3 Tips to Act Well When Your Ex Doesn’t
When you’re separated or divorced, you hear expressions like, “take the high road” and “do right by your kids” a lot.
We all want our kids to thrive and none of us want our kids to suffer the effects of our choices. So how do you ensure that you can always take the high road? How can you be sure that you’re putting your feelings on hold so that you can give your kids the best of you and what they need?
This can be a challenging task in the best of circumstances. The divorce process and all that comes with it is a trying time no matter how amicable or collaborative your process. There will be good days and bad and we’re all too well aware of how this effects our mood, coping abilities and spirit.
The task is made even more difficult when we’re faced with an angry, spiteful ex. If you find yourself in this unfortunate situation, then you’ve likely read and re-read articles on “Handling Your Narcissistic Ex” and “How to Co-Parent with a Narcissist”. Whether your ex is in fact a narcissist, or simply operating on anger and hurt, you’re likely facing more obstacles to peace and calm than you anticipated. There are a lot of labels that you can affix to this behaviour, but does it really matter what you call it? It is what it is, and you needn’t spend your time and energy worrying about labeling your ex.
Here are 3 tips to help you choose the right path, despite how wrong your ex behaves:
1. Don’t Let His/Her Actions Dictate Yours
However your ex chooses to behave, should not in any way dictate your behaviour. While this is obviously easier said than done, it’s actually a wonderful and necessary skill to master. What does this mean and how can you do this? Firstly, you need to be overly mindful of your actions and reactions. In the beginning, while you’re honing this skill, you need to always be cognizant of your actions and reactions. If for example, your ex doesn’t return the children on time and he/she knows that you’re on a tight timeframe, you need breathe, remain calm and simply wait. After the fact, you may wish to send a matter-of-fact email to your ex kindly requesting that next time he/she be on time and why. Free from emotion. Stick to the facts.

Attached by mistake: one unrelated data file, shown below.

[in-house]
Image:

2. 24 Hour Rule
Emotions can run high, particularly when things are fresh and wounds are still open. It’s important to recognize that we don’t always act our best when our buttons have been pushed. It’s important to take a step back when we receive a potentially upsetting email, phone call or other type of correspondence. I have implemented the 24 hour rule for myself, whereby I don’t respond or do anything at all for at least 24 hours. Things look very different (and often more calm) when we let things sit and we give ourselves time to process and respond. This will likely reduce conflict by avoiding the knee-jerk emotional reactions that happen initially. Allow time for this to pass.
3. Think Before You Speak
This, like the 24 hour rule is key to allowing yourself the time you need to clearly, calmly and effectively collect your thoughts. Think about why you’re being triggered. Think too about what you would like to see happen and then consider ways to achieve your objective. Once all these questions have been answered by you to you, are you in a position to speak and/or respond.
I grant you that it’s not always easy to keep our emotions and reactions in check, but when your co-parent is high conflict and thrives on fuelling the fire, it is on you to decide whether you allow him/her to get the better or you or whether you wish to simply stick to the facts, work as best you can to obtain your goals and function with less conflict than you would otherwise have. We can never control our ex’s but we can (with practice) control how we react to them. It’s at that point that we have gained the power to change our conversation.